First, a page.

But there’s also the not-so-minor issue of accuracy with the UA Band. Unlike the HTC Grip, which never made it to market, the UA Band doesn’t have GPS, and relies only an accelerometer to estimate distances traveled. There were days when my iPhone’s motion sensor counted more than 10,000 steps, and yet the UA Band would record somewhere between 7,000 and 8,000 steps. Outdoor runs were also logged inaccurately. My regular 3-mile routes around the neighborhood would be measured as 3.5 miles on the Band. A 2.5-mile run was logged as 2.91 miles. Under Armour says it plans to rollout a firmware update to the Band within the next 90 days that will include better calibration, but why it’s not shipping with this is anyone’s guess.
Distances were inaccurate
I also experienced some connectivity issues between the UA Band and the UA Record app, even when the Band was charged and seemingly connected in my iPhone’s menu of Bluetooth-connected devices. This also happened with the new UA heart rate monitor and Under Armour’s UA Record and MapMyRun apps: if I navigated to another app, like a music app, I would return whichever Under Armour app I was using to find that the heart rate monitor needed to be reconnected. This may have been related to the fact that not all of the Under Armour apps are fully compatible with the new hardware products until later this week, but it was still a little frustrating.
The new $180 UA-HTC Scale is fun, though I also experienced some issues with the initial product. Like other connected scales, it will measure your weight and body fat and wirelessly send it to an app, in this case the UA Record app. I like to say that these kinds of scales mean you can never escape your weight, ever; but in reality, if your goal is to religiously record your weight, it’s convenient to have a scale do all the weight logging for you. The UA scale also "knows" you, based on your weight, and will address you using LED lights ("Hi Lauren") when you step on it. Then it tells you how many more pounds you have to lose.
Except, oh dear, like the Band, the first scale Under Armour supplied struggled with consistency. My initial weigh-in was almost always high. I know what you’re thinking: someone had a little too much food during the holiday season and can’t admit it. But I cross-referenced my weight with another scale, and the UA Scale was, in fact, higher. Minutes later, I would step back on the UA Scale, and it would show a lower weight, anywhere from three to six pounds less. Under Armour has since shipped me another scale, and thankfully, this one seems much more consistent.
So those are the items in HealthBox. You can see why the items outside of the HealthBox might be more compelling. I really like Under Armour’s Speedform Gemini 2 sneakers, which have sensors built into the right shoe and will store up to five runs. Then they wirelessly sync your run data to the MapMyRun app, and were, in my experience, more accurate at tracking distances than the UA Band was. So if you’d rather go running without any kind of wristband, or even your phone, you can still track your run.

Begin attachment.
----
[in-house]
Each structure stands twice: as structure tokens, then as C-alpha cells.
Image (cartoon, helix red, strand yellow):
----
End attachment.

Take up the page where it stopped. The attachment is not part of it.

The sneakers are also comfortable, with solid support, just the right amount of cushioning, and breathable fabric. These will ship in late February for $150. They’re definitely not cheap, but a normal pair of Speedform Gemini training sneakers will run you around $130.
And as I mentioned before, Under Armour’s apps offer comprehensive health and fitness tracking, especially UA Record, which shows a large circle on the main page of the app broken into four quadrants: your daily activity levels, fitness sessions, sleep data, and calorie consumption. (The circular UA Scale actually mimics this design.) UA Record also displays your resting heart rate, charts your activity levels overtime, and lets you rate how you're feeling on any given day, so that it can eventually chart patterns between all of your health data and show you new insights.
Under Armour still wins if it gets you into its ecosystem of products
But here’s the thing: technically, you don’t really need the UA-HTC hardware to use these apps (although the UA heart rate strap will only work with UA apps). I use MyFitnessPal almost every day and have it directly connected to another app that tracks my exercise, and it's a fine system. You can log runs with just the MapMyRun or Endomondo apps. You can track workouts directly from the UA Record app, without needing the UA Band (and you can pair another brand of heart rate strap with UA Record if you want). And in a few days, UA Record will work with Apple’s HealthKit, which means it will push at least some data to other health apps too. A Google Fit integration is also in the works.
I have to imagine that’s Under Armour’s end goal, simply getting users into its growing ecosystem of products and apparel. So, even if Under Armour’s collaborations around hardware feel like works in progress — which they absolutely do, to the point where I wouldn't recommend the HealthBox until I saw it all working properly — if Under Armour can get you to use its apps and buy its connected clothing, then in some ways it's still ahead in the connected fitness race.
Photography by Vjeran Pavic